FROM THE PREFACE
Memoirs of Ali Amini is the first of a number of life histories to published
by the Iranian Oral History Project.
The project was launched in the autumn of 1981 at Harvard’s Center for
Middle East Studies.It provides scholars endeavoring to study the contemporary
political history of Iran with primary source material, consisting of personal
accounts of 132 individuals who played major roles in important political events
and decisions in Iran from the 1920’s to the 1970’s; or witnessed
these events and decisions from close range.
Dr. Ali Amini was prime minister of Iran from 1961 to 1962. Prior to that he
served as deputy minister of finance, assistant to Prime Minister Ahmad Ghavam,
Majles deputy, and minister of national economy under Prime Ministers Mansour
and Mossadegh. As minister of finance under Prime Minister Zahedi, he negotiated
and signed the 1953 agreement with the consortium of oil companies. He subsequently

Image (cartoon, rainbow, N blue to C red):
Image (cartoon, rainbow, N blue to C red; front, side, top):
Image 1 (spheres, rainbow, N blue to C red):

served as minister of justice and ambassador to Washington. After being shunned
for fifteen years, Ali Amini was called back by the Shah to advise on ways of
dealing with the unfolding Revolution of 1979.
TABLE OF CONTENTS
- Student Days and Work at the Ministry of Justice
- Ministry of Finance
- Cabinet of Ahmad Ghavam
- Cabinet of Ali Mansour
- Cabinet of General Haj Ali Razmara
- Cabinet of Mohammad Mossadegh
- 25-28 Mordad 1332
- Cabinet of General Fazlollah Zahedi
- Cabinet of Hossein Ala
- Ambassador to Washington
- Election for the Twentieth Majles
- Premiership (1961-62)
- Land Reform
- Foreign Influence
- Anti-Corruption Campaign
- Relations between the Government and the Public
- Resignation from Premiership and Its Causes
- Concentration of Power in the Hands of the Shah
- Discussions with the Shah on the Eve of the Revolution
- Possibility of Establishing Democracy in Iran
Habib Ladjevardi has been the director of the Iranian Oral History Project
at Harvard University since 1981. Born in Tehran, he grew up in Scarsdale, N.Y.,
and was educated at the Yale Engineering School and the Harvard Business School.
Dr. Ladjevardi returned to Iran in 1963 and began work as personnel manager
in his family's business. Subsequently he was responsible for founding the Iran
Center for Management Studies in Tehran, where he taught until 1976. He also
served on a number of boards and councils in the private and public sectors.
Dr. Ladjevardi received his Ph.D. from the University of Oxford in 1981.